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French Cross-Dressing Nouns

Perfect Switch Hitters:

I wanted to start the language section of my blog slowly with a simple, interesting post that has nothing to do with verb conjugation (these fun-filled tables can wait a few more weeks).  If you have studied French, then you are probably aware that nouns can be either masculine or feminine.  If this concept seems strange, then you should consider clicking on another blog section while you’re still ahead…  What some people are not aware of is that some French nouns can swing both ways, depending on whether they are preceded by “Le” or “La”.

Below is a table with several examples of these homonymes parfaites:

Masculin Feminin
le tour – to take a ride around, “Le Tour de France” or “faire un tour” (take a walk) la tour – the tower (“La Tour Eiffel”)
le livre – the book la livre – a unit of weight (pound)
le mode – the method or way of doing something la mode – fashion, style (à la mode)
le poste – the job position la poste – the post office
le voile –  the veil la voile – the sail
le manche – the handle (like on a knife) la manche – the sleeve (“La Manche” also is the French name for the English Channel)
le mémoire – the thesis la mémoire – memory
le foie – the liver la foi – faith
le moule – the mold la moule – the mussel
le somme – the small nap la somme – the sum
le poêle - the woodstove la poêle - the frying pan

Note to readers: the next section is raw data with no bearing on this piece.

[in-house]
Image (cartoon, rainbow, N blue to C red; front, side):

le mort - the dead man la mort - death
le secrétaire - the small desk la secrétaire - the secretary
le critique - the critic la critique - the judgement

When speaking French, using the incorrect gender can completely mangle the meaning of your phrase (as well as generate some well-deserved snickering).  The phrases below nicely illustrate this point:

Il faut avoir la foi! - You must have faith!
Il faut avoir le foie! - You must have liver!

La somme de toutes les peurs - The sum of all fears
Le somme de toutes les peurs - The nap of all fears

Le mode d’emploi - The user’s manual
La mode d’emploi - Fashion/Trends in the workplace

Wanna Be Switch Hitters:

Fortunately there are only a handful of nouns that can take both masculine and feminine articles while keeping the same spelling.  It is also important to be aware that there are several other homonyms nouns in the French language with different spellings on paper, but exactly the same sound when spoken.  In these cases, choosing the wrong gender can be very confusing!  Below are just a few examples:


Masculin Feminin
le pot (the “t” is silent) – the pot1 la peau – the skin
le cours – the class (le cours de français) la cour – the king’s court, courtyard
le mal - evil / the male la malle - the trunk

In conclusion, I hope this article helps to demonstrate how important it is to memorize not only the spelling, but also the gender when learning French nouns.  Here is a common nursery rhyme to help you hone your skills:


Il était une fois,
Dans la ville de Foix,
Une marchande de foie,
Qui vendait du foie…
Elle se dit : Ma foi,
C’est la première fois
Et la dernière fois,
Que je vends du foie,
Dans la ville de Foix.

Once upon a time,
In the city of Foix,
A liver merchant,
Who was sellng liver…
She said to herself : My God,
It’s the first time
And the last time,
That I sell liver,
In the city of Foix.

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  1. for any parents out there, ”le pot” also means “the potty” []

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